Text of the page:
The Toll of Ever Greater “Efficiency”

Over the years, I have worked for myself as a barrister from chambers; as a lawyer employed by a large organization, as well as a partner in a  law firm. I have experienced the relative freedom of being self-employed – being able to take a holiday & erratic cash flow can be real issues however-  as well as the crushing feeling of accounting for each 6 minute unit of one’s working life as an employee.

The organization that once employed me used a code for time recording: the number “12” was for “personal time.”  This I used when going to the toilet, which tickled me, because it was a  combination  of a “number one” and a “number two.”

Totting up the hours each week in the hope of impressing the boss and getting up that slippery pole, made me feel how cheap I was parting with my weeks on this earth and that there must be more satisfying ways forward!

Hence I set up my own law firm with a colleague, but the drive over the years became the same: to increase turnover, reduce outgoings and become more efficient. One enjoys the creativity but only to discover the irony that you are striving towards something reminiscent of what you never liked. As the firm grows, of course, those imperatives become increasingly apparent.

For many that are not so fortunate to be able to choose a different path, I worry at the changes that some employers make to work practices or to workload on the altar of achieving greater “efficiency.” Professions where cash might be short, such as teachers or medical staff, seem to be stretched to do yet more, such that you can witness people buckle with the pressure and stress being loaded onto them. At one UK school in the Midlands I visited last year (which was undergoing significant change & “harmonisation” ) a number of the teachers simply looked ill. There was palpable unhappiness, but the powers at be, seemed able to find replacements, & sometimes for less money.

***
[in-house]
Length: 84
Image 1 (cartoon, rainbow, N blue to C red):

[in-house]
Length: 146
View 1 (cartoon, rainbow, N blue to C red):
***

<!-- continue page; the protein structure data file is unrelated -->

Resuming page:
But it seems to be a not infrequent event when you speak to people: “I’ve had to take on an additional role but my pay’s still the same. I’m not sure when I’m going to find the time to do it all.”

And then there’s email: a blessing and also a curse. How did we all cope before it became commonplace? But what a nightmare. As a lawyer, opposing parties expect a response, if not within a few minutes, certainly within a few hours. In multi-party cases, if you have been absent from your computer, you find there are 20 odd emails as people have engaged in frantic discussion of the issue at hand; some responding to different emails in  the chain.

On a recent case, I was scanned an application from another party, only to find an email arrive before I could even finish reading it, where the Judge had abridged time and placed the matter in Court the next day. My own mutterings of natural justice, and the application was not that urgent anyway, unfortunately didn’t illicit a similarly prompt response despite the merit to my complaint.

But when you cease work at the end of a busy day, or when you wake up, can you afford not to check your emails? What happens if your opponent has tried to take a procedural advantage when you’ve clocked off? Perhaps it matters more when it’s your own business, but the truth is its difficult not to check in any event.

The answer should be that we all have to switch-off and relax when we leave work but email often means that we take our work home with us, and even away on holiday. In years to come, no doubt, there will be a backlash to the way many of us lead our lives, forever hooked up to work and emails, as the stress and pressure makes its presence known through illness and contributes to poor communication with our own families, who get less of a look-in. “You are always on your phone”- sound familiar?

It is incumbent on employers, therefore, to insist that employees look after themselves &, where possible, avoid the tyranny that work emails can have when they have ostensibly finished work. I also think that employers should be reminded that they have a responsibility for the welfare of their staff. Employees can’t be stretched and stretched to do ever more work without eventually snapping.